Can we learn something from a town in Vermont?

NorwichI’ve been watching the Winter Olympics this month.  I enjoy the human interest stories such as Chloe Kim’s and the drama of watching Shaun White stick his final run in the men’s halfpipe to win the Gold.  Thus, with the Olympics upon us I have been intrigued by a recently released book titled, Norwich: One Tiny Vermont Town’s Secret to Happiness and Excellence. I had a chance to read the book last week and this is a really interesting story of a small Vermont town that has produced more Olympians per capita than any other place in the country.  

Norwich, Vermont is a small town with a large impact on the Winter Olympics. This town of 3000 residents has sent someone to every Winter Olympics for the past 30 years. It has produced 11 Olympians, all but one since 1984 – 3 have won medals. (They do not have a participant this year.)  The towns folks kiddingly say that it is something in the water. But in reality, the book supposes that it is in the way they raise their children. More than in most places in the United States today, these Norwich kids are allowed free rein to choose what they want to do, and what sport to play, often becoming involved in multiple sports, depending on the season. As a result, the kids are more likely to  love what they do and truly want to see others reach their full potential. Because of this ongoing record of sending athletes to the Olympics, these rising stars learn from the example of those who came before them, and in return, when their time comes, most want to stay in Norwich and give back to the community that supported them in their endeavors. The author stresses that Norwich is a town where ‘everyone wants success for everybody else’.

Norwich’s population is certainly not representative of the country as whole and their per capita income and proximity to Dartmouth College provide some unique advantages. But there are potentially lessons to be learned by the town’s child-rearing philosophy that could be replicated in any community with parents, coaches, and administrators committed to following a few simple principles: Treat your neighbor’s child as your own (in Norwich, parents are invested in everybody’s children, not just their own. They foster an environment in which the success of one child is celebrated as a victory for everyone); frame sports as a really fun thing for your children to do on their way to longer-lasting achievements rooted in education and give children ownership of their activities.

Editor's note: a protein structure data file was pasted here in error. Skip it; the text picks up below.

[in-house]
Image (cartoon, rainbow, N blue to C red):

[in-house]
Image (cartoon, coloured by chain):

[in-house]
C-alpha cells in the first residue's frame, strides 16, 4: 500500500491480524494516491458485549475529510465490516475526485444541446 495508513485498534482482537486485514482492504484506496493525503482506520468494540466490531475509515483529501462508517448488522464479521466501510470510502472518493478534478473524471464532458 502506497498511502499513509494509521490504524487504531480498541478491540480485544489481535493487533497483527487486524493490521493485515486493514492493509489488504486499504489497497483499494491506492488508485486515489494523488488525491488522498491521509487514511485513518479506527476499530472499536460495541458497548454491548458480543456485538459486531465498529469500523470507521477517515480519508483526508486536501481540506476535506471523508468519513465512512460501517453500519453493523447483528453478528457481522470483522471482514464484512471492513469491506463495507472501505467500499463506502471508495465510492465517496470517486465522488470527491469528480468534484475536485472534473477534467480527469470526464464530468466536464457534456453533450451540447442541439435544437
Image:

Finally, the parents of Norwich seem to keep things in perspective (something I will admit to struggling with at times).  They are not setting out to develop Olympians. Their aim is to use sports as a vehicle to instill in their kids a lasting love of the outdoors and physical activity, learn life lessons, and develop lasting friendships. They recognize that in the big picture, relationships matter more than championships.

I hope you’re enjoying these Olympics!

-Trent Bowers, Superintendent


Leave a Reply

Fill in your details below or click an icon to log in: Logo

You are commenting using your account. Log Out /  Change )

Google+ photo

You are commenting using your Google+ account. Log Out /  Change )

Twitter picture

You are commenting using your Twitter account. Log Out /  Change )

Facebook photo

You are commenting using your Facebook account. Log Out /  Change )

Connecting to %s